After the fatal shooting of Michael Brown, Ferguson is supposed to reform its police and justice system. But the city council amends the measures.
U.S. Attorney General Lynch sues: Ferguson’s holdout left her no choice. Photo: ap
In the dispute over reforming Ferguson’s police and justice systems, the U.S. Justice Department has now sued the city. The move was in response to the city council’s decision to revise the previously agreed-upon package of measures. The civil rights lawsuit filed Wednesday said Ferguson’s administration routinely violates residents’ rights and abuses police to generate revenue.
Therefore, "legal action is necessary" to ensure that local police and judicial methods reflect the Constitution and federal laws, said Vanita Gupta, head of the Justice Department’s Civil Rights Division. Ferguson’s mayor, meanwhile, cited the high cost of reform as a reason for the council’s request for changes.
The St. Louis suburb has been in the Justice Department’s sights since 18-year-old African-American Michael Brown was shot and killed by a white officer there on Aug. 9, 2014. The teen was unarmed. The case led to riots and demonstrations against racially motivated police violence in the United States. A grand jury refrained from indicting the officer who shot the teen.
However, federal investigations uncovered patterns of discrimination in Ferguson’s criminal justice system. A Justice Ministry report in March 2015, for example, concluded that officers routinely used excessive force, conducted unfounded traffic stops and issued citations for minor offenses. It was also criticized that the courts relied too heavily on fines for petty offenses to flush money into the city coffers.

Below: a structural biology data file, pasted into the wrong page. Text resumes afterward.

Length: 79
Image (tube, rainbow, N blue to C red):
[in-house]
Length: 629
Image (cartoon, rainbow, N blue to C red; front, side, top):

Criticism was also levelled at the police force, which is almost exclusively made up of white men. Two-thirds of Ferguson’s roughly 21,000 residents are black.
City council approves reforms
After tough negotiations, the administration there and the Justice Department agreed on comprehensive reforms to improve police and judicial treatment of the poor and minorities. These include mandatory body cameras and microphones for all police officers and jailers. In addition, the administration is to rewrite its penal code to ensure that there are no draconian fines or imprisonment for minor violations.
On Tuesday, the city council voted unanimously in favor of the reform deal, but at the same time introduced seven amendments. The background was a recent financial analysis, according to which implementing the requirements would cost up to four million dollars (about 3.5 million euros) in the first year alone, Mayor James Knowles said. The deal is so expensive, he said, that it could lead to the dissolution of Ferguson.
At the same time, city leaders said they were willing to negotiate a new agreement with Justice Department officials.
But department head Loretta Lynch is still suing. Ferguson’s refusal to comply, she said, had left her agency no choice but to sue. Ferguson residents had been waiting for justice for decades. "They shouldn’t be forced to wait any longer."